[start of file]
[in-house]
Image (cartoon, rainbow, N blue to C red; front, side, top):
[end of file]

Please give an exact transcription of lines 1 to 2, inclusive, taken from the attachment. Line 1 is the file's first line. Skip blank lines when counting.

[in-house]
Image (cartoon, rainbow, N blue to C red; front, side, top):